3 – Flex. The flex model is based on curriculum that has been developed and provided online. It features an on-site teacher who provides instruction as needed in individual tutoring and small group sessions.

4 – Online Lab. This model is takes place in a school’s computer lab where students follow entire courses online. The courses part of the school’s general curriculum, yet are provided by online teachers and content-area specialists. The school provides a computer lab and necessary supervision. Paraprofessionals offer the necessary supervision and provide limited, if any, content expertise. Students in this model usually take other traditional courses and follow a typical school schedule.

5 – Self-Blend. In this model, students take online courses à la carte to supplement their school’s curriculum. This is different from the online lab model in that the learning is always remote, rather than being organized by the school. This model is currently the most common version of blended learning in schools.

6 – Online Driver. The online driver model expects students to take most of their courses online and independently. Other on-site requirements, such as extracurricular activities, may be required as part of the overall school experience.

Which model would seem to be most appropriate forms of instruction and learning as we plan for a new Christian high school?

My initial thoughts are that the flex, online lab and self-blend models would serve our students well.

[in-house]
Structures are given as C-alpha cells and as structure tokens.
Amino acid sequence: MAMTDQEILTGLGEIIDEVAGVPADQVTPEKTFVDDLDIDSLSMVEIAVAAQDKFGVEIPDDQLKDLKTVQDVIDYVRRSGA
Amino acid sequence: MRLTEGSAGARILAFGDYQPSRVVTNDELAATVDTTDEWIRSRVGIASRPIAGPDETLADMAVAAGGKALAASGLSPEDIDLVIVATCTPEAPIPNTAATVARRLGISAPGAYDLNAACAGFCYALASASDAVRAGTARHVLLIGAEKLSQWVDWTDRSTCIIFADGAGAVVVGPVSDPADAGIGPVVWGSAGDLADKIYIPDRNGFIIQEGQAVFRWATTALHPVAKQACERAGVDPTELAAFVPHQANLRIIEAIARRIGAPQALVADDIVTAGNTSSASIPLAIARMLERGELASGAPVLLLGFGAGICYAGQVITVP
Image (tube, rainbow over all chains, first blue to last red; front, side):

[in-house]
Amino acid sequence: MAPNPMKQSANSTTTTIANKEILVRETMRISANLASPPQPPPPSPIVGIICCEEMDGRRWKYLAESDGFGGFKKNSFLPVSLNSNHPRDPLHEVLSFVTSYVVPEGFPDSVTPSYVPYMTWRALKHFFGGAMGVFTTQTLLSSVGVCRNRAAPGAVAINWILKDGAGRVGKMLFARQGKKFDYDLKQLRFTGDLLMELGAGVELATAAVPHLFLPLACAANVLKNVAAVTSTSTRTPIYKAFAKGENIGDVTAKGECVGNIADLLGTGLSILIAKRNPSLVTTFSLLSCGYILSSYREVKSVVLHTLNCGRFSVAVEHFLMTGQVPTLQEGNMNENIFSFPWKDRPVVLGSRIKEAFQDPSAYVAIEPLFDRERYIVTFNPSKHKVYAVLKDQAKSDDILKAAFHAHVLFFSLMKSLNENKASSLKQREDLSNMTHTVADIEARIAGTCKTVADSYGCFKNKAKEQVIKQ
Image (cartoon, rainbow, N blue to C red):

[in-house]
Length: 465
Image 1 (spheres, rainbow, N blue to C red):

The initial school population will be limited, as will the number of certified teachers. As a result, this limitation will impact overall course offerings. Nevertheless, in order to provide a wide choice of course electives and supplement those subject areas where instruction may be more difficult to offer, these models can provide some viable alternatives.

The flex model will allow our teachers to take advantage of standards-based curriculum that has been developed and tested in an online format, and then supplement the instruction as needed in individual tutoring and small group sessions. This could work nicely for a subject-area specialist who can work with students in multiple grade levels. For example, the time-table would be organized such that all students take “science” at the same time, but have their learning differentiated according to either grade level or subject level. The students would then progress individually based on their ability and interest. The science teacher would provide instructional assistance as necessary. In this format, the science teacher could be working with freshman and sophomore science students at the same time, and even work with one student taking a course in a specialized science, too.

The Online Lab model might be appropriate for those general courses that are needed for graduation, but cannot be offered in a small school setting, such as, for example, a class in world history or western civilization literature. When these classes are offered in the regular timetable, lab supervision would be provided by a paraprofessional, thus allowing the faculty to focus on their other classes, or even use the time for collaborative planning.

The Self-Blend model allows the school to offer a wide selection of electives that would otherwise never be offered. Students could choose from online options such as AP Environmental Science, music appreciation, macroeconomics, etc. The choice may only be limited by the electives through a course provider.


Horn, M. B., & Staker, H. (2011). The rise of K-12 blended learning. Innosight Institute.